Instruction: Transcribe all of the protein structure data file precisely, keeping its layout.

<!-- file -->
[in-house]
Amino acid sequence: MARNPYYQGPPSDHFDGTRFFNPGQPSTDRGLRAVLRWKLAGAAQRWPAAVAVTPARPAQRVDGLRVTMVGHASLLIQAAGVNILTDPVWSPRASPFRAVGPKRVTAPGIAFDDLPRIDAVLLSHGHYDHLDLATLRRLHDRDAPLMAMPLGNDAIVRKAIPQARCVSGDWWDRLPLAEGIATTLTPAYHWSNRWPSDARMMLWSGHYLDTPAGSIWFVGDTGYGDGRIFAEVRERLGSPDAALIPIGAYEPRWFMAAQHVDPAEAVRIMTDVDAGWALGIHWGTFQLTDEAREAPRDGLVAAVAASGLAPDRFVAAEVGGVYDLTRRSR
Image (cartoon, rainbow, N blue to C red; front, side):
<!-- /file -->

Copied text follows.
[in-house]
Amino acid sequence: MARNPYYQGPPSDHFDGTRFFNPGQPSTDRGLRAVLRWKLAGAAQRWPAAVAVTPARPAQRVDGLRVTMVGHASLLIQAAGVNILTDPVWSPRASPFRAVGPKRVTAPGIAFDDLPRIDAVLLSHGHYDHLDLATLRRLHDRDAPLMAMPLGNDAIVRKAIPQARCVSGDWWDRLPLAEGIATTLTPAYHWSNRWPSDARMMLWSGHYLDTPAGSIWFVGDTGYGDGRIFAEVRERLGSPDAALIPIGAYEPRWFMAAQHVDPAEAVRIMTDVDAGWALGIHWGTFQLTDEAREAPRDGLVAAVAASGLAPDRFVAAEVGGVYDLTRRSR
Image (cartoon, rainbow, N blue to C red; front, side):